Earlier today, during a visit to 2K Games' impressive meeting area at the 2008 Games Convention in Leipzig, we had an opportunity to take in a demo of Borderlands with Randy Pitchford and other representatives from Gearbox Software. As it turned out, the demo was almost identical to the one that we saw at the E3 Media & Business Summit, but that doesn't mean we didn't get to see anything that was different.
Described as an RPS (role-playing shooter) by Pitchford, Borderlands is a promising sci-fi action game in which you can play as a soldier, a hunter, or a siren. It's not clear exactly what impact your choice of class will have on the game, but it's clear that each class will have strengths and weaknesses that can be negated to some extent by teaming up with other classes in co-op play. We also learned today that the soldier is the only class that won't have to worry about ammunition because his variant of the game's "digital backpack" (you can pull physical items out of it, but the only thing you need to carry around is data) can generate ammo at any time.
As you progress through the game and your character levels up, you'll have the opportunity to learn new skills. You'll become more proficient with weapon types automatically as you use them, but you can augment those proficiencies with skills that enable faster reload times, improved shield recovery, and the like.
If you're at all familiar with Borderlands, you'll know that one of the game's most unique features is the system that it uses to generate weapon drops. There are purportedly well over 500,000 different firearms to find in the game already, and that number will almost certainly increase by the time it's finished. What you might not know, though, is that while that number no doubt sounds overwhelming, it's actually pretty easy to figure out if a weapon is worth keeping or not at a glance when you find it. That's because not only are the numerous attributes of each weapon boiled down to just a handful of key stats that appear onscreen as you move toward the weapon, but also because the appearance of a weapon can tell you a lot about it. For example, guns with longer barrels are more accurate and colors are used to show a weapon's special properties (incendiary, corrosive, or lightning rounds). Both the ammo magazines and scopes are also clearly visible.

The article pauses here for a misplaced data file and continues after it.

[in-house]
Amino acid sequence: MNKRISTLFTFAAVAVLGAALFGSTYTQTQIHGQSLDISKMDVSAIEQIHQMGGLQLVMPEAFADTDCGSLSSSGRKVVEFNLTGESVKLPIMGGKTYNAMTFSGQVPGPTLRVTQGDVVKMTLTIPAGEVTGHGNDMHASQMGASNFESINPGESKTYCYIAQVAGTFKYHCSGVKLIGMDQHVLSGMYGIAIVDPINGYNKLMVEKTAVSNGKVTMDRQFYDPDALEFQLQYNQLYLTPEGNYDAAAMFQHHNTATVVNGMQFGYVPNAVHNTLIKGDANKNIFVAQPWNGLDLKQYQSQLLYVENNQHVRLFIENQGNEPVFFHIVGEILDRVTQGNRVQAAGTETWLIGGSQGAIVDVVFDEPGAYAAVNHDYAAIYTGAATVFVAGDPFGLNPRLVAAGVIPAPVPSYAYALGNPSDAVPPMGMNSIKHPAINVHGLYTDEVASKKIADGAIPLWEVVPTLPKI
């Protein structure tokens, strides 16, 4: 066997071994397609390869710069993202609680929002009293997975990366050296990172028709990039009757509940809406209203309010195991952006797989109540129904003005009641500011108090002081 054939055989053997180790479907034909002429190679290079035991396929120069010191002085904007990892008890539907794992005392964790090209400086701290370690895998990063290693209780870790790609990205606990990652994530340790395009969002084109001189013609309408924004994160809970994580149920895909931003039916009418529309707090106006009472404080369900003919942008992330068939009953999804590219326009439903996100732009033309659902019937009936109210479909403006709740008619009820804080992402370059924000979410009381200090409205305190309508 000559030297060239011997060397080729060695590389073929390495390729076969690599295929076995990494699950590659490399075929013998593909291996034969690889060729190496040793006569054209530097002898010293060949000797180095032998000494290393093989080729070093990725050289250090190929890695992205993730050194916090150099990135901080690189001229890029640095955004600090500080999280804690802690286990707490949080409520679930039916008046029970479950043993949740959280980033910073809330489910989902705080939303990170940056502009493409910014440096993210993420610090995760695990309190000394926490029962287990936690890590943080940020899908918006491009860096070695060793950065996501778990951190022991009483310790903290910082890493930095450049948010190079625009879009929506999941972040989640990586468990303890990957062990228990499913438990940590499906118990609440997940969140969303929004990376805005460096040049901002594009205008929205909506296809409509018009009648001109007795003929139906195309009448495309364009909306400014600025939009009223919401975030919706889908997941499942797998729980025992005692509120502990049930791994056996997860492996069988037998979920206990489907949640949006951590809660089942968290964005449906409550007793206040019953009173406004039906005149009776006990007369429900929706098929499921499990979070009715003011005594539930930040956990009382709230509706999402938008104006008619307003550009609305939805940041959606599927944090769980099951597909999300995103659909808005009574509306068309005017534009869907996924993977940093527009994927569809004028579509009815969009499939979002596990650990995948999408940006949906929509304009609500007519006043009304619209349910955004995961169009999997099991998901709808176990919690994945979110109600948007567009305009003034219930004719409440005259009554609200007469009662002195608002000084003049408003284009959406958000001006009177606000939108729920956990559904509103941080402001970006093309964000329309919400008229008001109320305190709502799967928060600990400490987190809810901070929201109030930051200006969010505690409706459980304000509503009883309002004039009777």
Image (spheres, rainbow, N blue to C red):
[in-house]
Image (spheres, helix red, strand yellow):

Perhaps the coolest thing that we saw during our Borderlands demo, regardless of the fact that it sounds simple and it might not be news to you, is the "seat exchange" system that you can use to swap places with other players when you're at the controls of a vehicle in a co-op game. The vehicle that we saw during our demo could've been straight out of a Mad Max movie and had a position for a rooftop gunner, as well as the driver. The animation that played out as the two decided to swap seats was really slick, and we'll be surprised if other games don't incorporate similar systems in the future. You could argue that Mario Kart: Double Dash did it first, of course, but the best weapons in that game were brightly colored shells.
So there you have it, Borderlands is looking really promising and, take our word for it, it's nothing like Mario Kart: Double Dash. We look forward to bringing you more amazing insights into Gearbox Software's upcoming shooter in the weeks and months ahead.